Aug 22, 2022 - News

Arizona agriculture groups pitch payment plan for water conservation

Animated illustration of a droplet of water eroding the center of a stack of hundred dollar bills.

Illustration: Aïda Amer/Axios

A coalition representing agricultural interests in the Yuma area are pushing a water-conservation plan in which the federal government would pay them to not use some of the Colorado River water they're entitled to.

Driving the news: The ​​Yuma County Agriculture Water Coalition drafted its Save the River plan in July.

Details: Farmers in Arizona and California would voluntarily conserve 925,000 acre-feet of water annually for four years in exchange for about $1,500 in compensation per acre-foot annually.

  • Yes, but: The conservation plan would result in reduced crop production.

Why it's important: The U.S. Bureau of Reclamation wants all seven Colorado River basin states, including Arizona, to find a way to conserve an additional 2 million to 4 million acre-feet of water to help alleviate the 22-year megadrought that's gripping the region.

  • The bureau announced last week that the lower basin will be in a Tier 2 drought next year, which will trigger 592,000 acre-feet in cuts to Arizona's allocation of water.
  • Basin states have been unable to reach a conservation agreement over the past two months.
  • Some water officials were frustrated that the bureau isn't using its leverage to push the states toward an agreement or using its authority to impose a plan.

Between the lines: The Inflation Reduction Act that President Biden signed last week includes $4 billion for drought mitigation in federally designated reclamation states, with priority given to the Colorado River basin.

  • That money can be used to compensate farmers for reduced crop output caused by the temporary reduction in their water usage.

What they're saying: "What we're saying in Yuma is we don't want to be paid not to farm. We want to be paid money so that we can develop better production, whether it's in seed technology, other technology, infrastructure," Wade Noble, a Yuma water attorney who serves as a spokesperson for the coalition, tells Axios Phoenix.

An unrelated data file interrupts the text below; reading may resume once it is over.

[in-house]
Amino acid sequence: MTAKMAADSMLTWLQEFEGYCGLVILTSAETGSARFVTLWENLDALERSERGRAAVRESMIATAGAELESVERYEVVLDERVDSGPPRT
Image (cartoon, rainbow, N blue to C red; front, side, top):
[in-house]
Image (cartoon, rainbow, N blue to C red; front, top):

Arizona's U.S. Sens. Mark Kelly and Kyrsten Sinema both played significant roles in getting that money included in the Inflation Reduction Act, and the coalition has been in communication with both of their offices, Noble says.

  • Kelly's office told Axios Phoenix that the money could potentially be used for Save the River, with the bureau's approval.

Yes, but: The coalition hasn't gotten much buy-in on the plan yet. Noble tells Axios Phoenix that the coalition hasn't talked much with the bureau, the Arizona Department of Water Resources (DWR) or the Central Arizona Project (CAP).

  • The Yuma agricultural interests hope to reach an agreement with their California counterparts that would somewhat resemble Save the River.
  • Arizona farmers would account for only up to 200,000 acre-feet of the proposed water conservation, so the plan can't move forward without support from California.

The other side: During a press briefing after the bureau's drought announcement last week, DWR director Tom Buschatzke and CAP general manager Ted Cooke didn't address the coalition's plan directly but spoke critically in a broader sense about voluntary conservation and compensation for people to scale back on their water usage.

  • Buschatzke said voluntary programs create uncertainty and "we want to see an outcome in which there is 100% certainty that whatever the numbers are put out there, those numbers are the numbers that are going to actually happen."
  • Cooke described compensation-for-conservation plans as temporary Band-Aids that would do little to address a problem that needs more "durable solutions."

Noble says plans like Save the River would still reduce water use until drought conditions begin to recede.


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